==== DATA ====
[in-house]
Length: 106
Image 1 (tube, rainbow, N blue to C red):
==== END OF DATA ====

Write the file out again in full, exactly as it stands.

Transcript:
[in-house]
Length: 106
Image 1 (tube, rainbow, N blue to C red):